George Washington might make that case if he was still around. When he dug into his favorite breakfast of cornmeal hoe cakes with honey and butter, he often washed them down with warm chocolate cream, according to Dining with the Washingtons, a cookbook published in 2011 by the staff at George Washington’s Mount Vernon Estate. The book offers updated versions of typical recipes from the period and a glimpse into the first president’s favorite foods.
Rodney Snyder, a chocolate historian at Mars Inc. who spoke at a chocolate-making demonstration at the National Archives this month, has also found ample evidence of hot chocolate’s place in early American history.
Archaeological evidence suggests that people in present-day Mexico were cultivating and drinking chocolate some 4,000 years ago. (Apples, meanwhile, originated in Asia.)
For most of its history, chocolate was a drink. Candies and solid bars didn’t catch on until the late 1800s, Snyder says.
The 18th century, Washingtonian version of (hot) chocolate cream consisted of grated chocolate solids and sugar mixed into a cup of warm water, milk, or even brandy for a real kick. It was often seasoned with new-world flavors like chili powder, vanilla and allspice, creating a complex concoction — richer and less sweet than its modern-day counterpart. (See a modern take on the recipe here.)
According to Mary Thompson, a research historian at Mount Vernon, chocolate was one of many unfamiliar ingredients the colonial settlers encountered when they arrived in the Americas. At first, they were most likely to embrace foods that reminded them of Europe. But chocolate was an exception: It was novel and immediately appealing, says Thompson.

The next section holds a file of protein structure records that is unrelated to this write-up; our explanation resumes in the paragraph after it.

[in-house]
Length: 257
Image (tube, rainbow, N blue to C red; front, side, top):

In 18th century Europe, chocolate was a status symbol — a treat for the rich and the royals. But Snyder says in North America it was enjoyed by president and commoner alike. That difference stems from the cacao’s point of origin, in the Americas, and the relative cheapness of Caribbean sugar.
In colonial America, chocolate wasn’t relegated to the breakfast nook, either. It was instead valued as a high-energy food that didn’t spoil, a precursor to today’s athletes drinking chocolate milk to recover after a workout.
“Chocolate is very transportable, so it was very good for the army,” Snyder says. So when Washington filled his canteen with cherry bounce (his favorite mixture of juice, spices and brandy) and headed out for the frontier, he may have packed some chocolate then, as well.
If hot chocolate for breakfast isn’t your cup of tea, try the cake recipe featured in the cookbook, which Washington and pals are said to have dunked into their hot chocolate on occasion, too.
George Washington’s Love Will Never Fade
“…I go fully trusting in that Providence, which has been more bountiful to me than I deserve, & in full confidence of a happy meeting with you sometime in the Fall—I have not time to add more, as I am surrounded with Company to take leave of me—I retain an unalterable affection for you, which neither time or distance can change…”
— George Washington to Martha Washington
The 17th Century Valentines Card and Beyond
It’s said that one American woman, Esther Howland, was so intrigued when she received her first English valentine greeting in 1847, that she became infatuated with the idea of manufacturing them in the U.S. She was an early entrepreneur, and instinctively believed that there could be an American market for these formal, English-style greetings. After procuring materials like high-quality paper and lace from her father, a stationer, she created what many credit as the earliest American Valentine’s Day greeting cards.
Today, Howland is still honored with the nickname “Mother of the American Valentine,” with many citing her work as the start of a multi-million-dollar industry. But it didn’t happen overnight — let’s take a look at how her work paved the way.
A Brief Timeline of Valentine’s Day Marketing
Charles II of Sweden begins communicating with flowers, by assigning a different message to each type. This tradition allegedly assigned love and romance to the red rose, setting the stage for this flower to be exchanged during the later, commercialized era of Valentine’s Day. However, it remains unclear if a specific brand is responsible for first marketing flowers as part of Valentine’s Day gift-giving.
In Massachusetts, Howland produces a dozen sample Valentine’s Day cards and sends them off with her brother to distribute during a sales trip for their father’s company — S.A. Howland & Sons — hoping to earn $200. Instead, he returns with 25X that amount, indicating a much higher-than-expected demand.